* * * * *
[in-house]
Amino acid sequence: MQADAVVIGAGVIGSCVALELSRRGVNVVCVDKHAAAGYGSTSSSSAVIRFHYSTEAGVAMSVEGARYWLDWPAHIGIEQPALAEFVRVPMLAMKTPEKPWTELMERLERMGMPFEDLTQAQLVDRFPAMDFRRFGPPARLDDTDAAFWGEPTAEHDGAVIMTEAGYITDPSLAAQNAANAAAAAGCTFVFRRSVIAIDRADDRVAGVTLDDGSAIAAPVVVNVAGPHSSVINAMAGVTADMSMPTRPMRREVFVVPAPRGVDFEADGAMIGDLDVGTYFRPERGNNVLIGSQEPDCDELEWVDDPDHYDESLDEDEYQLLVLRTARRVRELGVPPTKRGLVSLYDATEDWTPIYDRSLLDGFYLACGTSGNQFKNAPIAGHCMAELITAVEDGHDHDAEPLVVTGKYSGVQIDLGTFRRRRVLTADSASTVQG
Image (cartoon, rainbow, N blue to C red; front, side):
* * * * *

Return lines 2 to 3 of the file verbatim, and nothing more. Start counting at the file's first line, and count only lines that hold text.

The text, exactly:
Amino acid sequence: MQADAVVIGAGVIGSCVALELSRRGVNVVCVDKHAAAGYGSTSSSSAVIRFHYSTEAGVAMSVEGARYWLDWPAHIGIEQPALAEFVRVPMLAMKTPEKPWTELMERLERMGMPFEDLTQAQLVDRFPAMDFRRFGPPARLDDTDAAFWGEPTAEHDGAVIMTEAGYITDPSLAAQNAANAAAAAGCTFVFRRSVIAIDRADDRVAGVTLDDGSAIAAPVVVNVAGPHSSVINAMAGVTADMSMPTRPMRREVFVVPAPRGVDFEADGAMIGDLDVGTYFRPERGNNVLIGSQEPDCDELEWVDDPDHYDESLDEDEYQLLVLRTARRVRELGVPPTKRGLVSLYDATEDWTPIYDRSLLDGFYLACGTSGNQFKNAPIAGHCMAELITAVEDGHDHDAEPLVVTGKYSGVQIDLGTFRRRRVLTADSASTVQG
Image (cartoon, rainbow, N blue to C red; front, side):